WMMMd.0MMMX;       KMMMO  cMMMMd        '    'MMMMNl'       
WMMMMWokMMMMk      KMMMO  oMMMMc              .     .:OMMMM0
WMMMK.  dMMMM0.    KMMMO   KMMMMx'    ,kNc   :WOc.    .NMMMX
xkkk:      ,kkkkx  okkkl        ;xKXKx;          ;dOKKkc    

Scanning with Keeping Infrastructure as Code Secure v1.7.9

Preparing Scan Assets: Done   
Executing queries: [---------------------------------------------------] 100.00%

Files scanned: 1
Parsed files: 1
Queries loaded: 1045
Queries failed to execute: 0


Security Group Rule Without Description, Severity: INFO, Results: 1
Description: It's considered a best practice for all rules in AWS Security Group to have a description
Platform: Terraform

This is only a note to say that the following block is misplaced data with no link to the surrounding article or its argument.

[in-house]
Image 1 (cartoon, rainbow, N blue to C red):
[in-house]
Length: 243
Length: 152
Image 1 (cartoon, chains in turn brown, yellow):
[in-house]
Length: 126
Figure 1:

Learn more about this vulnerability: https://docs.kics.io/latest/queries/terraform-queries/aws/68eb4bf3-f9bf-463d-b5cf-e029bb446d2e

	[1]: ../../path/AWS-Firewall-Rules-Example.tf:15

		015:   egress {
		016:     from_port        = 0

Resource Not Using Tags, Severity: INFO, Results: 1
Description: AWS services resource tags are an essential part of managing components. As a best practice, the field 'tags' should have additional tags defined other than 'Name'
Platform: Terraform
Learn more about this vulnerability: https://docs.kics.io/latest/queries/terraform-queries/aws/e38a8e0a-b88b-4902-b3fe-b0fcb17d5c10

	[1]: ../../path/AWS-Firewall-Rules-Example.tf:23

		023:   tags = {
		024:     Name = "allow_tls"

IAM Access Analyzer Not Enabled, Severity: LOW, Results: 1
Description: IAM Access Analyzer should be enabled and configured to continuously monitor resource permissions
Platform: Terraform
Learn more about this vulnerability: https://docs.kics.io/latest/queries/terraform-queries/aws/e592a0c5-5bdb-414c-9066-5dba7cdea370

	[1]: ../../path/AWS-Firewall-Rules-Example.tf:1